Comment & Analysis

Late labourers can do vital work
Cradle Catholics need to be careful in their criticisms of converts, writes Greg Daly

The story of the workers in the vineyard is a powerful parable, and one especially apposite in these times when Pope Francis is trying to build on St John Paul’s efforts to draw back into the Church’s flock those stray sheep and lambs the Pope is tasked with tending and feeding.

‘Cradle Catholics’ and those who’ve long been faithful face a real danger of succumbing to the temptations of the constant labourers and judging those who have come or returned late to the Church, or of exasperatedly asking whether the same rewards we hope for could have been ours if we had lived our lives differently, as though we’d rather have done so.

Perhaps it’s understandable, then, that the parable was highlighted in the journal First Things last week in an article entitled ‘In defence of converts’. The article, by the English Catholic theologian Prof. Stephen Bullivant, one of the more balanced and brilliant observers of the modern British Church, takes issues with recent comments he felt were criticisms of converts as converts.

Debate

Sparking this was a remark by the American Catholic journalist Michael Sean Winters, who, after watching a televised debate between papal biographer Austen Ivereigh and the young convert and First Things literary editor Matthew Schmitz, observed, “I am so tired of converts telling us that the Pope is not Catholic”.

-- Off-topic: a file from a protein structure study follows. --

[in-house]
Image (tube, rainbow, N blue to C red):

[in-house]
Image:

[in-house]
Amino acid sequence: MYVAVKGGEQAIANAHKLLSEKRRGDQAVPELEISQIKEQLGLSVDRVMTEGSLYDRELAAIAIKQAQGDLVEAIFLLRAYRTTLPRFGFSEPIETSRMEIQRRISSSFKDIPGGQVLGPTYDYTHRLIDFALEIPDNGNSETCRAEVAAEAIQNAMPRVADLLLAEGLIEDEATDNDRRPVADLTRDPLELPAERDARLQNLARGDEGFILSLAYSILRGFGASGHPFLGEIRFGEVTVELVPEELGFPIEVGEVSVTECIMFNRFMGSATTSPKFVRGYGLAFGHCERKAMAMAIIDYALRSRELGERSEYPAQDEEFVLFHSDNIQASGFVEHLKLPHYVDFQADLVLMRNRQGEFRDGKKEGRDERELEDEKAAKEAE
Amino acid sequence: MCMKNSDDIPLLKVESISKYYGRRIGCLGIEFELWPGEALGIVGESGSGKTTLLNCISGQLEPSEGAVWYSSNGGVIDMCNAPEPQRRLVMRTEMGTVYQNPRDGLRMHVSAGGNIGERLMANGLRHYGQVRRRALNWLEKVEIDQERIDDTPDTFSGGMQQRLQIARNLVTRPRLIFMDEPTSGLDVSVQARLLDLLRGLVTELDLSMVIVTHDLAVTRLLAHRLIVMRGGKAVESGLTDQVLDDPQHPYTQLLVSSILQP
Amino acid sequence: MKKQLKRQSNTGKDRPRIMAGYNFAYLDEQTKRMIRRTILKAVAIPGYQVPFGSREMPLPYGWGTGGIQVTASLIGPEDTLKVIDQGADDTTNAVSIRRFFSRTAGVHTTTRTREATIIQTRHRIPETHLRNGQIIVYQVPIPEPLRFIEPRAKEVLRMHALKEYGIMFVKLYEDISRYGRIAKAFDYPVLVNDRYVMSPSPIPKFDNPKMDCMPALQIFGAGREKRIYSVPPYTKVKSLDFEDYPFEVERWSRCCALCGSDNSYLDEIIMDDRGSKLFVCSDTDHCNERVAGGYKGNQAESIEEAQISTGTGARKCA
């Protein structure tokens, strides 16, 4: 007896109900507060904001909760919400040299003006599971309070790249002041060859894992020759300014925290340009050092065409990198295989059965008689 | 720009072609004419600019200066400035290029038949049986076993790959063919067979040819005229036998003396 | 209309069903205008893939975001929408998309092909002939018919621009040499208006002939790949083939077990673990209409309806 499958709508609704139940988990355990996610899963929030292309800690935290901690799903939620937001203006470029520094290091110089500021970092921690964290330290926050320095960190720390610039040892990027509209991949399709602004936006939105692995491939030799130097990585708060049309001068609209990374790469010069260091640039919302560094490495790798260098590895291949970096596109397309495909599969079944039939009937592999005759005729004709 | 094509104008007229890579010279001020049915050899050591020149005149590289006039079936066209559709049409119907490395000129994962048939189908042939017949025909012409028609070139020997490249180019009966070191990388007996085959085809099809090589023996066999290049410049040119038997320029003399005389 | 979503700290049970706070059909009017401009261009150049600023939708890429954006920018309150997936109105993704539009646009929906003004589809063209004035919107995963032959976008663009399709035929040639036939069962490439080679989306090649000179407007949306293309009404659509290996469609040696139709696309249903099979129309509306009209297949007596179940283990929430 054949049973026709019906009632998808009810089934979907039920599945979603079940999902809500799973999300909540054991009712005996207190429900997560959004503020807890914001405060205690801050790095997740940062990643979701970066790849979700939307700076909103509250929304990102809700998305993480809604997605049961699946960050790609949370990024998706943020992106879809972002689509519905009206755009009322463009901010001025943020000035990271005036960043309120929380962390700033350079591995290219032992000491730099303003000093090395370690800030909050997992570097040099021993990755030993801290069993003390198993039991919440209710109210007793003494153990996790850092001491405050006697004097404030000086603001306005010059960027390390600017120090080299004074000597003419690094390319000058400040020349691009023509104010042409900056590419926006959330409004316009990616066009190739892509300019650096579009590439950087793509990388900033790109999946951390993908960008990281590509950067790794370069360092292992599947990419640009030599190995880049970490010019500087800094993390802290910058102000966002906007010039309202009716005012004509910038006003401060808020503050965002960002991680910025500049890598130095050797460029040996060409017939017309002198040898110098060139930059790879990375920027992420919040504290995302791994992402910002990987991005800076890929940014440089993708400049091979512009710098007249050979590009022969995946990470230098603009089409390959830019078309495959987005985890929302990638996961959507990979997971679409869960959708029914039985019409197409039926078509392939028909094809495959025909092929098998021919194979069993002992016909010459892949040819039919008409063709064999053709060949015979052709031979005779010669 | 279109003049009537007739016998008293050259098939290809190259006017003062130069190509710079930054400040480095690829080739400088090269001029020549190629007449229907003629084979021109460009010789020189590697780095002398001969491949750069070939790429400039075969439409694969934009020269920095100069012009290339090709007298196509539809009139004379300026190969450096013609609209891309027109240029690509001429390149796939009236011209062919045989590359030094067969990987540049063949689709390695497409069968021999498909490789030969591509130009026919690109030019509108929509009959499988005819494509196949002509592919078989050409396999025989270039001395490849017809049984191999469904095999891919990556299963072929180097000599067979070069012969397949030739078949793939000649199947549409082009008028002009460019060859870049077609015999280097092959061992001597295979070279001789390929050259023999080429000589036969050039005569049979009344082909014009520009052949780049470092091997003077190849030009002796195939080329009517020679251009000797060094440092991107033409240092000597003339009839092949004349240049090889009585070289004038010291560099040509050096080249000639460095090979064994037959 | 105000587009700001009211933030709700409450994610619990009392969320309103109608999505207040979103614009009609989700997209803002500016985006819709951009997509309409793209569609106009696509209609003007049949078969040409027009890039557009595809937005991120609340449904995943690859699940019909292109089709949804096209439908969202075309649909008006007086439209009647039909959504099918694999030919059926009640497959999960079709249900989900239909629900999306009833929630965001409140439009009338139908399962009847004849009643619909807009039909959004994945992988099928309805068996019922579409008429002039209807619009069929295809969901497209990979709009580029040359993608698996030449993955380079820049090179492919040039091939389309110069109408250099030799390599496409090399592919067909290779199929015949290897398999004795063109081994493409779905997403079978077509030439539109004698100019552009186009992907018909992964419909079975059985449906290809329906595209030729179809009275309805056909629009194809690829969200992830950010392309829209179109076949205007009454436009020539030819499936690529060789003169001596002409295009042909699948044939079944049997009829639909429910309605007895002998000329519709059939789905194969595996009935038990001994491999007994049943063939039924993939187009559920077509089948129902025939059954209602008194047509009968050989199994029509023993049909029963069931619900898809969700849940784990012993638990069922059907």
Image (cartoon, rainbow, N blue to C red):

This view, Prof. Bullivant noted, had been shared online by the US-based Italian theologian and Church historian Massimo Faggioli, who earlier this year expressed concerns about convert influences on the reception of Vatican II. Prof. Faggioli tweeted in May that, “one could teach an entire course on fact that in top US universities the course on Vatican II is taught by recent converts to Catholicism who know nothing of the history of Vatican II and therefore have a quite idiosyncratically view of Vatican II”, adding that this view is marked by the conflation of conversion with political ideologies and with distinctly Western worldviews.

Pointing out that his wife is a convert, he added that this wasn’t a generalisation but did need considering, returning to the issue weeks later to observe that the problem is not one of cradle Catholics and converts, but a broader one of being “casual/ignorant/arrogant about some basic historical facts of Catholicism”.

In fairness, it’s hard to see that these comments were intended as criticisms of converts in themselves – if they’re anything like me their shelves groan with well-thumbed tomes by converts – but as criticisms of the fact that a startlingly high proportion of the most vociferous online aspersions cast on Pope Francis’ Catholicism come from converts.

“Stephen, we love converts,” said Dr Ivereigh, whose own wife is also a convert, continuing, “but some of them joined a Church imagined to be the antithesis of the Church of England rather than the one founded by Christ.”

This in some ways gets to the heart of the problem, since conversion is less a matter of whether we like what the Church – with the Pope as its visible point of unity – teaches than it is one of whether we accept that it has the authority to teach what it does. 

In the English-speaking world the vast majority of converts to Catholicism come from other Christian denominations, though we should be careful about our terminology in this respect, not least as those who become Catholic after being members of other Christian denominations are not converts in the strictest sense, baptism being always into the Catholic Church.